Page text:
“Trauma is a psychic wound that hardens you psychologically that then interferes with your ability to grow and develop. It pains you and now you’re acting out of pain. It induces fear and now you’re acting out of fear. Trauma is not what happens to you, it’s what happens inside you as a result of what happened to you. Trauma is that scarring that makes you less flexible, more rigid, less feeling and more defended.”
  • Bessel Van Der Kolk
    “Trauma is specifically an event that overwhelms the central nervous system, altering the way we process and recall memories. Trauma is not the story of something that happened back then, it’s the current imprint of that pain, horror, and fear living inside people.”
  • Paul Conti
    “Anything that causes emotional or physical pain and leaves its mark on a person as life moves forward.“ It is not true that what doesn’t kill us makes us stronger. The trauma that doesn’t kill us can make us weaker in all sorts of ways. It can predispose us to depression, sleep problems, heart attacks, strokes, immune disease, and we can pass that on to children even if children are conceived years later. And, though it is discussed more often, trauma is not limited to PTSD. The kind of trauma I’m interested in and write about in the book is the trauma that overwhelms our coping mechanisms and leaves us different – our brains different – going forward.”
  • Francine Shapiro
    “Trauma is any past experience that one perceives as negative and that negatively impacts your present life. It creates extreme stress in the body and mind. Traumas can be perceived as horrific, helpless to prevent, and threatening to either your survival or the survival of others or it can be when something happens to you large or small, that leaves you feeling distress and you are unable to process it for some reason. The effects can be long lasting and create distressing symptoms. All trauma manifests in physical and/or sexual and/or psychological symptoms, which can eventually lead to PTSD.”
  • Hilary Jacobs Hendel
    “Big T trauma – a major catastrophic event that affects a person for decades. Small t trauma – caused by repeated, sometimes inconsequential events that build up over time and eventually lead the sufferer to develop symptoms of traumatic stress. We all have some degree of small t trauma, and we all have the capacity to heal from it.” … “trauma leads to false beliefs about ourselves and how abuse and emotional neglect – however small – lead to shame.” “(it) stems from a subjective sense of pain and hurt.”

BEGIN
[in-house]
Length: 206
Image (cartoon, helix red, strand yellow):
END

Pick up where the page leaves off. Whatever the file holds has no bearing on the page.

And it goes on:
• The Substance Abuse and Mental Health Services Administration (SAMHSA)
    “Individual trauma results from an event, series of events, or set of circumstances that is experienced by an individual as physically or emotionally harmful or threatening and that has lasting adverse effects on the individual’s functioning and physical, social, emotional, or spiritual well-being.” “Complex trauma” or “complex psychological trauma” is defined as “resulting from exposure to severe stressors that (1) are repetitive or prolonged, (2) involve harm or abandonment by caregivers or other ostensibly responsible adults, and (3) occur at developmentally vulnerable times in the victims’ life, such as early childhood but can also occur later in life. The concept of historical trauma refers to complex traumatic experiences that affect an entire community or cultural group over multiple generations.”

Big T’s & little t’s

As we can see, some mention a type of overwhelming stressful event as a catalyst, and they call those Big-T Traumas. Others mention certain kinds of hurtful experiences that change us, which they call small-t traumas. An experience or usually a series of experiences over time, and an ongoing alteration of who we are as a result of a survival response somehow incomplete, which now pervades one’s entire life, diminishing wellbeing in all areas of life.

It’s all on a spectrum. From very little alteration in oneself to a complete and painful change in oneself and a consequential disconnect from one’s true self, from one’s essential nature. We lose touch with who we really are and live from our survival parts and our adaptations.